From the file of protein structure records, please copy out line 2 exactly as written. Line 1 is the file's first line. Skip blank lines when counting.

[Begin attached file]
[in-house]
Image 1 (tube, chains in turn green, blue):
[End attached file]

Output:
Image 1 (tube, chains in turn green, blue):